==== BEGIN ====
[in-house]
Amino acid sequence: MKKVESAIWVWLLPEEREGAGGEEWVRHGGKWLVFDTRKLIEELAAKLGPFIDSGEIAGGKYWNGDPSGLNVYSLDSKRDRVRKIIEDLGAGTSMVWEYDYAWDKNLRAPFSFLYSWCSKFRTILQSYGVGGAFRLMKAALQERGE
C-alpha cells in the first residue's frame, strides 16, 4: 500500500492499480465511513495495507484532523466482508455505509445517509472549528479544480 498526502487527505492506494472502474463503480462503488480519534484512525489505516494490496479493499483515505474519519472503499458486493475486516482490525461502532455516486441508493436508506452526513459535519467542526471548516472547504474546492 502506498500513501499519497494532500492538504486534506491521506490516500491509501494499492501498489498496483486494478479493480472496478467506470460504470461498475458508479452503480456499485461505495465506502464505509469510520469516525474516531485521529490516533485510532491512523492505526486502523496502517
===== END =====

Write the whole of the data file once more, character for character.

[in-house]
Amino acid sequence: MKKVESAIWVWLLPEEREGAGGEEWVRHGGKWLVFDTRKLIEELAAKLGPFIDSGEIAGGKYWNGDPSGLNVYSLDSKRDRVRKIIEDLGAGTSMVWEYDYAWDKNLRAPFSFLYSWCSKFRTILQSYGVGGAFRLMKAALQERGE
C-alpha cells in the first residue's frame, strides 16, 4: 500500500492499480465511513495495507484532523466482508455505509445517509472549528479544480 498526502487527505492506494472502474463503480462503488480519534484512525489505516494490496479493499483515505474519519472503499458486493475486516482490525461502532455516486441508493436508506452526513459535519467542526471548516472547504474546492 502506498500513501499519497494532500492538504486534506491521506490516500491509501494499492501498489498496483486494478479493480472496478467506470460504470461498475458508479452503480456499485461505495465506502464505509469510520469516525474516531485521529490516533485510532491512523492505526486502523496502517